I’ve been idle for almost a month! School has been pretty tough with mid term tests during these two weeks, and I’ve been looking around for certain toys (specfically the SHF Ixa) but they’re sold out everywhere so I can’t put up any new content. However I did write a short post some weeks ago.
Due to popular demand (ha ha ha) from readers requesting how I fit an LED in one of my kits, here’s a short one on how it was done. I didn’t take proper in-progress pictures and the head was permanently stuck in one piece so I made the best out of what’s left. I did write a post when I was still building it. You get to see the ugly bits of the kit everywhere.
It’s not a very easy mod to do as it requires some plastic cutting, electrical knowledge and soldering. Here are the common materials you’ll need.
You’ll need a kit with clear eyes for lights. That rules out certain kits like the 1/100 Gundam 00 first season kits.
You’ll also need wires, a switch and a power source. You’ll need a little more electronics knowledge if you’re powering your lights via USB or a source more powerful than your LEDs can handle as you may need to add resistors to prevent the lights from blowing out. Since my button cells were just sufficient to power the lights, I did not add resistors.
The stars of the show – LEDs. They’re bright (mostly), small (as small as you can find them) and come in various colours. From the left I have 2mm, 3mm and 5mm LEDs.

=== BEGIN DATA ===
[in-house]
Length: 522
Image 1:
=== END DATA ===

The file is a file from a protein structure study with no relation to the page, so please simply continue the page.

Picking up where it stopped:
For my kit, I bought a prepacked kit complete with battery, holder, switch and LED to save me lots of time sourcing the other bits.
The first thing I did was to plan where to hide the battery and switch. I initially wanted everything to be inside the chest, but there was insufficient volume. I moved the switch to the backpack and kept the battery under the head. Depending on the model, you’ll have to make different plans.
Next I did the necessary removal of material to make space.
I removed plastic in the way of the LED. To keep it in place, I removed a U-shape from the clear eye part for the LED to rest in. You can just see the LED from the top of the head. To minimize light leakage, I covered the LED with my trusty silver tape. You could also paint the inside of the head black.
I made a hole behind the neck joint to run the wires into the chest. You can see the ugly wires above. One wire went to the backpack for the switch. I made a hole in the backpack’s mounting peg for this purpose.
I also made a hole in the packpack for the switch to be accessible, and gouged out as much plastic as I could from the insides.
The switch barely fits inside.
The other wire went directly to the battery holder, stowed away under the head where there is space for an LED unit from the 00 Gundam. I cut quite a bit of yellow plastic to make space for it, leaving only the longest bits intact.
Here’s a picture from when it was incomplete.
After soldering the wires and putting everything together. One drawback to adding lights is that the eyes aren’t visible without the lights on.
Here are a few shots that I took in the middle of the night, just for fun. Click on them for higher-resolution versions.
Taken in complete darkness. They aren’t blindingly bright and are highly directional so they can’t be seen from other angles. Maybe it’s my power source since back then the LED was much brighter.